Cellular structural support
Protein plays an important role in keeping certain cells strong, rigid, and elastic, depending on where in the body they’re needed. (11) For instance, the protein in our heart and lungs has to be flexible so the organs can continually contract or expand and relax involuntarily throughout the day and night. But the protein that keeps our joints and connective tissues intact is more rigid than the protein in our organs, and it is less elastic than the protein (collagen) that keeps our skin supple and hair thick. The next time you think of the many anti-aging skin products that sell for millions annually to help women stay youthful, think instead of getting adequate daily collagen through foods like bone broth and meat on the bone.
Proteins help regulate our body’s fluid balance by attracting and retaining the water required for systems to run smoothly. However, inadequate dietary protein can throw off our fluid balance, resulting in too much water, which leads to edema and swelling. (12) We often associate excess swelling with salt or carbohydrates, but protein plays an underappreciated role in keeping our blood fluid levels regulated. Nevertheless, undereating protein makes us more likely to eat more carbohydrates, which compounds water retention by getting the body to store more fluid in the tissues. If our gut begins to bloat on a low-protein diet or we become puffier over time on a higher carbohydrate diet, fluid imbalance from too little protein may be partially responsible.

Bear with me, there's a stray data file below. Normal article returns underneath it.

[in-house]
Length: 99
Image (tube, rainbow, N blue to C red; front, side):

A major role of the immune system is to create antibodies that protect us against viruses and bacteria. Once they’ve encountered particular viruses or types of bacteria, our immune cells create a protective force against the invaders, forever remembering them in the future. This protective force includes antibodies, which are blood proteins responsible for keeping future viruses from entering our cells. (13, 14, 15) Without adequate dietary protein, the body becomes deficient in the raw material needed to create antibodies, and we become vulnerable to both new and old harmful viruses and bacteria. Do you know anyone who gets the flu every year or even several times a year? Their immune system may lack the protein it needs to create the antibodies that keep the flu virus at bay.
The pH of blood is strictly regulated and must stay at about 7.4 at all times. One way the body keeps its blood pH stable is by relying on hemoglobin, a protein in red blood cells that binds with acids in the blood to keep the pH slightly basic. (16, 17) Although organ systems such as the gut and bladder are set at different pH levels and can more easily withstand local pH fluctuations, the blood pH must stay constant in order for everything else in the body to operate smoothly. Without enough dietary protein to make hemoglobin, we risk developing one of the more serious conditions associated with disrupted blood pH: acidosis.
In summary, dietary protein provides the raw materials for a long list of functions that allow us to live and thrive. Generally, the higher-quality and more bioavailable our dietary protein, the more easily our cells can generate the proteins they need to operate under both calm and stressful conditions. Given how stressful life can be, doesn’t it make sense to keep our bodies supplied with the best protein we can get?
In Part III of High-Quality Protein is Your Body’s Best Friend, we’ll investigate and debunk pervasive myths about protein. Then we’ll dive into caveats to consider when deciding whether to increase animal protein in your diet. Part III is available now, here.